- Mobile ad platform Tapjoy is out with a guide to offerwalls.
- Offerwalls are “mini-stores” inside apps that provide rewards in exchange for certain user actions, like filling out a survey. Users can choose all, some or no offers.
- The Guide describes the different values to publishers and advertisers of offerwalls, the various kinds of offers and some background.
Offerwalls are ad units in a mobile app. As adtech firm IronSource explains, it is “like a mini-store in an app, listing multiple ‘offers’ that users can complete in exchange for receiving an in-app reward.”
Users might receive in-app coins, for instance, if they watch a video, fill out a survey or get to a new level in the app. They can select any of the engagements, or choose none at all.
To better explain the benefits of offerwalls, San Francisco-based Tapjoy is out with “The Ultimate Offerwall Guide” [free, registration required].
According to the Guide, 45 percent of offerwall users would stop playing a mobile game if the offerwall were removed and they ran out of mobile currency. Thirty percent said they would continue playing, but without making an in-app purchase (IAP). The Guide says that, in general, 13.4 percent of users complete IAPs.
Additionally, the Guide says, publishers who employ offerwalls alongside rewarded video generate 114 percent more revenue that those who provide rewarded video alone. Rewarded videos are sponsored by brands, provide small rewards to users when video playback is completed, and can be delivered outside an offerwall.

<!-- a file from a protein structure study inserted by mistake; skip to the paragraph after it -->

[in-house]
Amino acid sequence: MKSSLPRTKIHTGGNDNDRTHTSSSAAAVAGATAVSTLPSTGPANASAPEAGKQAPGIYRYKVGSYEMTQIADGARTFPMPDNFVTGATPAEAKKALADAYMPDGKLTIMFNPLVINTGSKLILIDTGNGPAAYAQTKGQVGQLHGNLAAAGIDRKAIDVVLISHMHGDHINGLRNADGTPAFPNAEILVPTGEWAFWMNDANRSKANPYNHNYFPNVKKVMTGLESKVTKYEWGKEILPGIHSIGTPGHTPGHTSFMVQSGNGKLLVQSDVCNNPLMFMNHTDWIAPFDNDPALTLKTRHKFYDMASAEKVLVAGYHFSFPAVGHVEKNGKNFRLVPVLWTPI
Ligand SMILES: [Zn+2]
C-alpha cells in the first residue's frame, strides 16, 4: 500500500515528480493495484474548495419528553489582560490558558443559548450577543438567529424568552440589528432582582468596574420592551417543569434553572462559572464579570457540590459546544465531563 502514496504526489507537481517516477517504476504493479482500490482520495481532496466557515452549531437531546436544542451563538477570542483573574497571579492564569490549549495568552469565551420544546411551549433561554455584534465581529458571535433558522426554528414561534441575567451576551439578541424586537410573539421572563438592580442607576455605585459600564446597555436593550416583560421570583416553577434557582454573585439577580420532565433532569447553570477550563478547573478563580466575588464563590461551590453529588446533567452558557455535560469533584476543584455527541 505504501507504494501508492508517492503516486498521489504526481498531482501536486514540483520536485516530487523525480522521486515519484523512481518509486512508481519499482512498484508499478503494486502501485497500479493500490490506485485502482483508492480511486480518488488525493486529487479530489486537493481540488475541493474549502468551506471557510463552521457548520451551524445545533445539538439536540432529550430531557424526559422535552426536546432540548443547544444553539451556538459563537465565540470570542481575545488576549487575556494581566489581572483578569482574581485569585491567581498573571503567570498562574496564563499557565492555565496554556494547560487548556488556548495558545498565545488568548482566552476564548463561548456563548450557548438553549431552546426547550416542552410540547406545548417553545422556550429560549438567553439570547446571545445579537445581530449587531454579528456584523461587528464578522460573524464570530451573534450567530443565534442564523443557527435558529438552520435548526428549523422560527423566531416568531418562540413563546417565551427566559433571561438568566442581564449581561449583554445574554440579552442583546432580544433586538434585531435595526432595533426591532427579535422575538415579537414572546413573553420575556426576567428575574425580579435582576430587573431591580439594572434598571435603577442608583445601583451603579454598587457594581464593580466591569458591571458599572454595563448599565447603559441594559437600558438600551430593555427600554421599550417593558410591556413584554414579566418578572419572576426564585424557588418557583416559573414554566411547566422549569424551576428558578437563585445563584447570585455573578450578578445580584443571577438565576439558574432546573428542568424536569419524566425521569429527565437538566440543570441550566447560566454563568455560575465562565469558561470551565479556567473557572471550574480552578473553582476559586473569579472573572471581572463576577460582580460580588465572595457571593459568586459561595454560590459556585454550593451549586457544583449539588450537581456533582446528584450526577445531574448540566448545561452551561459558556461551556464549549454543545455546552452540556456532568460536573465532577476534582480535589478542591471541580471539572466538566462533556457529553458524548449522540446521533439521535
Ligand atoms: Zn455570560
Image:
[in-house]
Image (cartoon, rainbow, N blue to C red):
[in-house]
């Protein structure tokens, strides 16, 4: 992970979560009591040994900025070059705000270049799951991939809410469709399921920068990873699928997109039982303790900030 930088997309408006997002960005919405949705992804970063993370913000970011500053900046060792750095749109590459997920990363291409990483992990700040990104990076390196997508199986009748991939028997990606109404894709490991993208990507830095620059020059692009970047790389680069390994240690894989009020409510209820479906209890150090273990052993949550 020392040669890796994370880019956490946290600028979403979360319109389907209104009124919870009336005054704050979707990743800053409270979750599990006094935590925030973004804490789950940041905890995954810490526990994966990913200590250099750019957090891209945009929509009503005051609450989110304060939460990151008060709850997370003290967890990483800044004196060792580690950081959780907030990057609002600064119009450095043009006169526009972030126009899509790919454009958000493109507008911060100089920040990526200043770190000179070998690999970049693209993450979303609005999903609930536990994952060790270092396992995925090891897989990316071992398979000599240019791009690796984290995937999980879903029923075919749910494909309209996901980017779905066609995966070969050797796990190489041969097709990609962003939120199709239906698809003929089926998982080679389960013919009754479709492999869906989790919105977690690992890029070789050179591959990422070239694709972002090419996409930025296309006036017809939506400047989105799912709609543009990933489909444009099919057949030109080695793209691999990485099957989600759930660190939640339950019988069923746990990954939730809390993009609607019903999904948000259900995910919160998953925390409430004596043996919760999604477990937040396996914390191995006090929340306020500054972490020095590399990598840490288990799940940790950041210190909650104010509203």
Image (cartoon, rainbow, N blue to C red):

In addition, the Guide indicates, retention of offerwall users is 2 to 3 times higher than non-users, at 7-, 14- and 30-day marks.
Four types of offers
Tapjoy points out that the offerwall began its life as a one-for-one exchange, where a user saw an ad that led to an app install or an email signup, and it later evolved into multiple-offers in one screen.
The Guide notes the four main offer types in an offerwall. In addition to rewarded video, there’s Cost Per Action (CPA), often utilized by advertisers who are not the app publisher. They provide rewards for engaging in limited-time offers, surveys or subscription trials.
Cost Per Install (CPI) provides a reward in exchange for downloading an app, and Cost Per Engagement (CPE) rewards a user for conducting certain actions within an app. Because of limitations from Apple, iOS devices prohibit CPE and CPI offers.
The Guide is based on a six-month survey of more than 16,000 users of Tapjoy offerwalls, as well as data from the company’s network.